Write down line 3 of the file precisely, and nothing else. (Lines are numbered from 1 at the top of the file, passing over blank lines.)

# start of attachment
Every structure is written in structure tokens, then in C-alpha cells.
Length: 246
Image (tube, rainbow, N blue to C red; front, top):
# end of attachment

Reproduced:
Image (tube, rainbow, N blue to C red; front, top):